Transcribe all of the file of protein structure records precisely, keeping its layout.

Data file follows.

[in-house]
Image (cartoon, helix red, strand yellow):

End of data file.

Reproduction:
[in-house]
Image (cartoon, helix red, strand yellow):